How to Avoid Disqualification When You Fall Foul of the Regulations
If you persist in failing to fulfill the legal duties incumbent upon you or you demonstrate conduct that is improper, disqualification as a company director can, and often will, halt your directorship in its tracks.
As a company director, you have a legal obligation to act in an appropriate manner whenever you are partaking in company business.
If it is found that your actions have been improper, you could not only face disqualification, but there may also be other penalties involved as well as fines.
There are a number of possible outcomes in this scenario ranging from your reputation being tarnished right through to a prison sentence when the wrongdoing is particularly severe.
Throughout formal insolvency proceedings, enquiries will be made by the Insolvency Service as to the circumstances dictating your company’s financial hardship. Any and all instances that involve “unfit conduct” as per the Company Directors Disqualification Act, 1986 will be assessed.
What Does “Unfit Conduct” Mean?
- Continual trading even though you are aware your company is insolvent.
- A failure to maintain accurate accounting records.
- A failure to make payments for tax liabilities.
- Utilising the company’s assets and/ or funds to your own benefit.
- A failure to file statutory accounts and returns with Companies House.
- Partaking in fraudulent activities.
- A failure to fully assist the insolvency practitioner that is appointed to oversee your case.
After it is deemed that your company is insolvent, the insolvency practitioner must file a report with the Secretary of State for Business, Innovation and Skills.
It may then be considered that it is within the public interest to undertake further action.
Should there be enough evidence, disqualification proceedings will commence.
Director Disqualification – How to Avoid it
It’s not easy to offer advice with regards to director disqualification given that every case is different and every case is specific in terms of the director’s behaviour.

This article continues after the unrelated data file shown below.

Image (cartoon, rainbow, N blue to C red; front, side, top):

Nevertheless, there are some preventative and generalised rules that can be followed.
- Always follow the rules
The best way to avoid disqualification as a company director is to stick to the rules.
Records should be complete and comprehensive. Returns must be submitted in a timely manner. All taxes must be paid. And full cooperation with the proceedings of the insolvency should be adhered to.
If you do choose to follow the rules, chances are that you will avoid being disqualified as a director, regardless that your business becomes insolvent or otherwise.
- Be sure to fully understand your responsibilities
It’s a must that you completely understand all of your legal responsibilities in terms of being a director.
If your conduct is being investigated by the Insolvency Service, you can’t claim that because your accountant administers all of your business stuff the mistakes made are the fault of the accountant.
Obviously, your accountant has no legal duty to work as a director. Further, your accountant is not going to be struck off, and they will not be made personally liable in terms of your company’s debts.
You may be unsure of the obligations you have as a director. In which case, you should seek advice from an appropriate professional: an insolvency practitioner; a corporate solicitor; or a chartered accountant.
- Get insolvency advice
At the first signs of your company beginning to struggle, that’s the time that you should seek insolvency advice and not later. If you decide to leave it later because of your persistent optimism, it could prove to be too late.
All of the advice you get should be documented. This is because you may have a need to refer to it or present it at a later date.
If you do make a decision to continue trading, it’s good policy to maintain records detailing your reasons for doing so.
Likewise, you should include evidence within these records to demonstrate your tracking activities with respect to your financial position. This way, it’s easier to make a decision about when or if it’s appropriate to wind things up.
Are You Worried About Being Disqualified as a Director?
When you are seeking advice as well as support – and there is plenty of support out there – do keep in mind that the waters are shark-infested.
Should someone tell you that it’s possible to erase all of your problems and they will do it for a fee – typically the fee being a certain percentage of what you owe – then you should be very skeptical of taking them at face value.
Their promises may very well turn out to be false and misleading. But it’s not them that is at risk of being struck off – it’s you. In the end, if you are really worried, you need to seek out a firm who have some experienced director disqualification solicitors on their staff. Only then will you be able to sleep well in your bed.